Team members: Rosanna Zhou, Shiyuan Tian, Liuliu Zhou, Jiapei Yao
Description of the Project
The project “Descendent of the Desert” is a wearable interactive art installation based on our speculation on how future humans can adapt to the environment to make their living in the desert. We aim to present a new human biomorph that enables us to survive in the desert without taking refuge from the physical dependencies, like the house or tent we usually depend on for a living. Desert animals’ adaptations and accommodations to the barren and fervent environment are taken as references of how we think humans should take their step of evolution. We want to provoke our audience to think about the possible ways of human evolution and what the deterioration of the natural environment will bring to the humankind.
Visually speaking, we adopted the form of exoskeleton that is commonly seen on desert arthropods such as scorpions and camel spiders. We adopt this feature because the exoskeleton can protect these animals from exterior attack, the sun’s harsh rays, and turbulent winds and debris from sandstorms. It could also minimize water loss. Simultaneously, we also adopted the form of the vegetation in the desert as the headwear because these vegetations are crucial resources for animals to stay away from the heat.
We also took many inspirations from the desert to develop our interactions. The interactions of our project mainly consist of three parts: the bending of the whole skeleton, the movement of the two pieces on each of the skeletons, and the animation of the light strip.
- The curving motion of the “spine”
- Interaction design: When the intensity of light in the surrounding environment reaches a certain threshold, the spine will curve, which forces the person to bend down and rest. This interaction is designed to imitate how the animals in the desert would hide themselves in the barren or find shaders in order to adapt to the intense sunshine in the desert, which scenario is expected in our speculative future. Thus, in our project, the person is forced to adapt to the intense sunshine (the intensity of light of the environment) and implement the position of rest (the bending position).
- Technical implementation: There is a light sensor and two motors to control the bent and straight of the exoskeleton. We are going to use the light sensor to detect the lightness of the day, and when it reaches the threshold we set, the motor on each side of the user will start working, which will in turn tighten the rope in the exoskeleton and bend it.
- The movement of the two pieces of each bone
- Interaction design: There are also two pieces on each skeleton that swing left and right like wings according to the person’s movement intensity. The faster the person moves, the faster and more intense the two pieces swing. This movement of the two pieces is to simulate the function of heat dissipation, which is a function essential for all species in the desert because of the hot nature of the desert.
- Technical implementation: There’s an accelerometer and several motors that control the pieces on the exoskeleton. The accelerometer will detect the movement of the user and show us the intensity of the user’s movement. The more intense the movement is, the faster and more obvious movements will be shown on the exoskeleton. The movement of the exoskeleton is triggered by the motors inside.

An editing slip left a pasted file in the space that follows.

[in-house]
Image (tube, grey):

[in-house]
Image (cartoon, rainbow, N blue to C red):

- The animation of the light strip
- Interaction design: There are also several tubes containing LED strips where the light seems to be transforming upwards. This feature is to mimic the transportation of nutrition and water, which is crucial for the survival of all species. Especially for species living in the desert, staying hydrated and filled with rich nutrients is key to survival. Thus, we added this feature to our device.
- Technical implementation: The LED light strip will be animated as lights going in up to simulate the transportation of nutrients
As it is clear in our demonstration, our visual and interaction designs are all based on the habits of animals in the desert and combined with some analysis of how these features could be adopted by us humans.
Project Implementation Plan
- Modeling and 3D printing of the spine
- Help with the interaction of the curving movement of the spine
- Light sensor + curving movement of the spine
- Accelerometer sensor + movement of the two pieces on each skeleton
- Light strip animation
- Help with the movement of the two pieces on each skeleton
(Oct 31- Nov6)
|Finish all the codings of the 3 parts
Finish 3D modeling
(Nov 7 – Nov 13)
|Finish the rest of the prototype
Print out all of the spine segment
(Nov 14 – Nov 20)
|Nov 16th Prototype Due
|Test on the curving movement with spine pieces
Try connecting with multiple sensors
Finish assembling everything together
(Nov 21 – Nov 27)
|Nov 21st StoryboardNov 26th Field Trip
Work on the headwear
Final improvement of the project (wear on people)
We are currently still in the preparation stage. We have found some resources and tutorials that we can refer to. For example, we have set our basis for the fabrication part of our project.
The main part of the fabrication in our project is the exoskeleton of the vertebral column on the back. It is composed of more than 6 pieces of “bones”. Each bone is made of a cylinder-shaped main part and three ‘metal’ bone pieces. We are going to make the cylinder through 3D modeling and 3D printing, and the metal pieces through laser cutting. We have started building the 3D model of the cylinder shape and started designing the metal bones. But we are still thinking about how we can connect several parts together and make it work like the vertebral column of a human.
Here is a 3D model of the human spine downloaded from Sketchfab. We’ll manipulate this model so that it could better fit our project.
We also found a reference tutorial to make the animation of the light strip: